Smads are degraded by the ubiquitin-proteasome pathway in both ligand-dependent and ligand-independent fashions. Ubiquitination of proteins occurs by E1 ubiquitin-activating enzymes, E2 ubiquitin-conjugating enzymes and E3 ubiquitin-ligases. Although ubiquitination can occur in the absence of E3 ligases on certain proteins, E3 ligases are important for specific recognition of target proteins and, ultimately, degradation by the 26S proteasomes (Laney and Hochstrasser, 1999). Smurf1 is an E3 ubiquitin-ligase of the Hect family that specifically interacts with Smad1 and Smad5 specific for BMP signaling pathways (Zhu et al., 1999). Smurf1 has two copies of the WW motif, which is responsible for binding to a PY motif (PPXY sequence) in the linker regions of Smad1 and Smad5. Smurf1 degrades Smad1 and Smad5 ligand-independently, limiting the intracellular amounts of Smad1 and Smad5. Since the intracellular pool of Smad4 is limited in cells, and since Smad4 is a component shared by the TGF-β/activin and BMP pathways (Candia et al., 1997), these two pathways might compete with each other for formation of complexes with Smad4 in signal transduction. Ectopic expression of Smurf1 in Xenopusembryos results in the repression of the ability of cells to respond to BMPs and, at the same time, enhances their responsiveness to activins (Zhu et al., 1999). Smurf1 might thus influence the balance of BMP and activin signaling in Xenopusembryos. Whether Smurf1-like molecules for the TGF-β-specific R-Smads or other Smads exist remains to be determined.
The half-life of Smad2 activated by TGF-β is shorter than that of non-activated Smad2. Since treatment by proteasome inhibitors prolongs the half-life of activated Smad2, degradation of activated Smad2 might occur through the ubiquitin-proteasome pathway (Lo and Massague, 1999; Fig. 1). Phosphorylation of Smad2 is not required for the degradation of Smad2; instead, nuclear localization of Smad2 appears to be most important for its ubiquitination (Lo and Massague, 1999). Smad2 activated by TGF-β migrates into the nucleus, where it regulates the transcription of target genes. At the same time, however, proteasomes might begin to degrade nuclear Smads, causing the irreversible termination of TGF-β signaling.
The activities of TGF-β, activins and BMPs are regulated through multiple mechanisms. Regulation by direct binding of ligands by extracellular antagonists appears to be very important for the regulation of BMP activities. There are nearly 20 BMP isoforms in mammals (Kawabata et al., 1998; Kawabata and Miyazono, 2000); these isoforms have different profiles of expression, different affinities for receptors and therefore unique biological activities in vivo. It is thus reasonable to propose that a wide variety of extracellular antagonists that have different specificities regulate the actions of BMPs during early development and morphogenetic processes. Activins and nodal-like proteins exert effects through activin receptors, and they are also regulated by extracellular antagonists. In addition to proteins that directly bind ligands, several activin/nodal antagonists are pseudoligand-type molecules that compete with ligands for receptor binding.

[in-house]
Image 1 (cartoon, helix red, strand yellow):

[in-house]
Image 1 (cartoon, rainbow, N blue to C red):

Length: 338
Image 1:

Regulation of TGF-β and BMP signaling at cell membrane and cytoplasmic levels is less specific to each signaling pathway. BAMBI and FKBP12 modulate the effects of both TGF-β/activin and BMP signaling. Smad6 activity is specific to BMP signaling but Smad7 blocks both TGF-β/activin and BMP signaling. Moreover, regulation by Erk occurs in both the TGF-β and BMP signaling pathways. Although a Hect family E3 ligase has been identified only for BMP-specific Smads, other E3 ligases that act on TGF-β-specific R-Smads or other Smads probably exist. Negative modulation in the nucleus by transcriptional corepressors appears to be unique to TGF-β signaling; thus far, negative regulation of BMP signaling in the nucleus has not been demonstrated. Both TGIF and c-Ski specifically bind to Smad2 and Smad3, but not efficiently to BMP-specific R-Smads. Perturbation of TGF-β signaling is one of the most crucial events in tumor progression. Mutations of the TGF-β type II receptor and Smad4 have been identified in various cancers and frequently occur in certain colorectal cancers and pancreatic cancers (Markowitz et al., 1995; Hahn et al., 1996; Miyaki et al., 1999). Current findings have shown that overexpression or constitutive activation of negative regulators of TGF-β signaling (i.e. I-Smads, Ras and c-Ski) might also lead to resistance to the growth-inhibitory effect of TGF-β and transformation of cells. It will be interesting to determine how these regulatory molecules are expressed, activated and orchestrated in the TGF-β and BMP signaling pathways under various physiological and pathological conditions.
I thank the colleagues in my laboratory for valuable discussion.